4 Questions to Ask Your Partner When You’re Working on a Team

Some of us are born gregarious and capable of working well in teams. Others have issues when it comes to interacting with others one one one — don’t sweat it if you’re this type of person. It takes all sorts!

However, this advice isn’t exactly a load off when it comes to actually interacting in a team setting. Your personality and social misgivings are valid, but these are things that have to be set aside when it comes to getting work done.

This issue also goes both ways — if you’re a person who IS good with working in teams or pairs, it’s important that you recognize the working styles and insecurities of those you’re teamed up with.

Communication is essential when working in a group, no matter who you are. In order to make sure that everyone is on the same page and working comfortably, consider asking these four questions when working with another person (or with team members).

1. How do you want to communicate outside of face-to-face meetings?

Some people like to text. Others like methods like group phone calls or Google Hangouts. Establishing the best line of communication for everyone can lead to a better overall vibe while dealing with the project at hand.

Some people will have to compromise when it comes to group work, and this also applies to one-on-one communication. For instance, if you like to talk on the phone while your partner prefers texting, someone will have to bend so the other’s needs are met.

2. What’s the most important thing we want to accomplish?

It’s easy to get overwhelmed when working in a group, usually because group tasks are assigned to teams due to the large amount of work to do. Even when splintering off into smaller groups, like partner work, it can be hard to split up assignments or decide on what to do first.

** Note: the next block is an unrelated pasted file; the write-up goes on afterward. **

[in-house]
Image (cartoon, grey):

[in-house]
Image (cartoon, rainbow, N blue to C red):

This should be one of your first questions. Establishing the most important aspect of the task can clear up a lot of unnecessary chatter and communication about other, less important goals. Set your priorities first, then worry about how to accomplish them.

3. Do you have any communication challenges?

Being blunt is sometimes the best way to get to the heart of an issue. We all have communication weaknesses, and addressing them can allow others to adjust for these weaknesses. For example, if someone is bad about reading texts but not responding to them, this issue should be acknowledged and the person in question will then be held accountable.

This also clears up miscommunication out of the gate. Like in this example, team members or the person’s partner won’t be left wondering why the text messages aren’t being answered.

4. Will you speak up if difficulties arise?

Communication breakdowns happen to the best of us, but we’re defined by how we handle them — not that they exist at all. Everyone within a team must understand that if they can’t do something or have an emergency, they need to tell everyone so the entire group can adjust accordingly. In partner work, this information is even more critical.

These questions are vague — meaning they apply to most general group scenarios. Assess your own team situation and ask yourself if any specific questions should be asked that have to do with your own unique team and assignment.